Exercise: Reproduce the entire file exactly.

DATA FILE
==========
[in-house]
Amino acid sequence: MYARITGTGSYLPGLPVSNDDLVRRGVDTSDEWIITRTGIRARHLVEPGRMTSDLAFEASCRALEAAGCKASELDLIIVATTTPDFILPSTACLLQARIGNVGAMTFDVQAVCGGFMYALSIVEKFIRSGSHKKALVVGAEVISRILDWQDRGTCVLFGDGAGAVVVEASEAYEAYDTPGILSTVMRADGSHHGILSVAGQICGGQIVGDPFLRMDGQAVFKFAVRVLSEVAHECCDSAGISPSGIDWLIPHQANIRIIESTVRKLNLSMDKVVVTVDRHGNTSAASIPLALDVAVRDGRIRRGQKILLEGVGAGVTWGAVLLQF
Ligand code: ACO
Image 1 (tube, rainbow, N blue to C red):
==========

[in-house]
Amino acid sequence: MYARITGTGSYLPGLPVSNDDLVRRGVDTSDEWIITRTGIRARHLVEPGRMTSDLAFEASCRALEAAGCKASELDLIIVATTTPDFILPSTACLLQARIGNVGAMTFDVQAVCGGFMYALSIVEKFIRSGSHKKALVVGAEVISRILDWQDRGTCVLFGDGAGAVVVEASEAYEAYDTPGILSTVMRADGSHHGILSVAGQICGGQIVGDPFLRMDGQAVFKFAVRVLSEVAHECCDSAGISPSGIDWLIPHQANIRIIESTVRKLNLSMDKVVVTVDRHGNTSAASIPLALDVAVRDGRIRRGQKILLEGVGAGVTWGAVLLQF
Ligand code: ACO
Image 1 (tube, rainbow, N blue to C red):